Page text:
Anyone who has observed meetings of Carmarthenshire County Council over the last couple of years will have noticed that declarations of interest have become a prominent and often baffling feature of council business. Last year the leader Kevin Madge (Lab) rose to declare an interest in a memorial to miners because one or more of his grandparents had worked in the mines.
It is unclear to what extent these rules apply outside the council chamber, as we can see from a recent press release dealing with the Dylan Thomas centenary celebrations in Laugharne which quotes the proprietor of Corran's book shop, Mr George Tremlett, who says that the council's marketing activities have led to an increase in sales for his business.
Mrs Tremlett is the Independent councillor for Laugharne and a member of the council's governing Executive Board, although there is no mention of this connection in the press release which continues with a rather peculiar analysis of visitor numbers to the town.
Apparently repeat visitors spent £28 on meals per party, compared with £47 per party spent by first time visitors. We don't know what constitutes a party, but the repeat visitors would seem to be very tight fisted, lashing out not much than a fiver a head.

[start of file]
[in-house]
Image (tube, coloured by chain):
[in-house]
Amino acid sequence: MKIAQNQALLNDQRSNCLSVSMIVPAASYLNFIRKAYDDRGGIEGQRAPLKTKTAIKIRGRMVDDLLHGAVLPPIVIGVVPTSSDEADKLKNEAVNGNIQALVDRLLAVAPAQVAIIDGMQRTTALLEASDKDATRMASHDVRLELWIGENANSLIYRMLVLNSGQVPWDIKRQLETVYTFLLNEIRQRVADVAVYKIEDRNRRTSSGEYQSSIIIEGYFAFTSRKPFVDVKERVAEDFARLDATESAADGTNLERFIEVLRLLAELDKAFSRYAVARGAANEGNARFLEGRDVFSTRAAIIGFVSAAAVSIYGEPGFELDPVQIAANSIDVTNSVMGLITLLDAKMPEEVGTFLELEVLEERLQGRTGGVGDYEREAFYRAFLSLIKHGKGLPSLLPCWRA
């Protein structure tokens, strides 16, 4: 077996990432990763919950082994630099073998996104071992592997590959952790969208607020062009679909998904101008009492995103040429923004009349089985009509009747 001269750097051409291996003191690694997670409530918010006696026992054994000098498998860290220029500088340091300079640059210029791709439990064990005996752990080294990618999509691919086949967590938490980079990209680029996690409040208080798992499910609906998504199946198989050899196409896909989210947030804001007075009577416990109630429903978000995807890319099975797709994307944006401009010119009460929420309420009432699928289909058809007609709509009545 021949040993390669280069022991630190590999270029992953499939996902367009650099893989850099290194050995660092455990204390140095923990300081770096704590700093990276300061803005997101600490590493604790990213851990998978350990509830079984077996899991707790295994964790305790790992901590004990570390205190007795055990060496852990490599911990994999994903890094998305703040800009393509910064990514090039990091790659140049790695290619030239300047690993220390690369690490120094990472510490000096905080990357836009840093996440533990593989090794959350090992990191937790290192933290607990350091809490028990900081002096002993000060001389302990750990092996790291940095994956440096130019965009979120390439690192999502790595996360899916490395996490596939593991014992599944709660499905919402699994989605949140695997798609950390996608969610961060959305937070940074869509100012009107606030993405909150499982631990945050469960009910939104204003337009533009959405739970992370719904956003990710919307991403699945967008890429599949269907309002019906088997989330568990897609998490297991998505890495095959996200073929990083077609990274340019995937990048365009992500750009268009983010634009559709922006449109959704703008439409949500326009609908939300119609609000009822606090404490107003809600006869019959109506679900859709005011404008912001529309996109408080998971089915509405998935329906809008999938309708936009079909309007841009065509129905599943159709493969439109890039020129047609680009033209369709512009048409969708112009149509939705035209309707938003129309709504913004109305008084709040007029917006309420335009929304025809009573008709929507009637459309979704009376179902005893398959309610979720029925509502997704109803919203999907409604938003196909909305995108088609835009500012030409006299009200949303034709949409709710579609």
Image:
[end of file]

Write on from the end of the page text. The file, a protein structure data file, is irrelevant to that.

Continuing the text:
Coachloads of Cardis perhaps? It would seem not, because only 5% of visitors came from mid- and north Wales. 5% of what we are not told, because although the press release is liberally sprinkled with percentages and amounts allegedly spent on food, there is no indication of how many people actually went to Laugharne because of the centenary.
Dylan Thomas spent only part of the last five years of his life in Laugharne, and while it is true that some of his best known works were published during this period, the Ministry of Spin says that "he composed most of his greatest works in his Laugharne shed", thereby consigning the bulk of his poetry to the literary rubbish bin.
The "bespoke replica" of Dylan's writing shed was last seen trundling along behind a white van on its way to Ireland.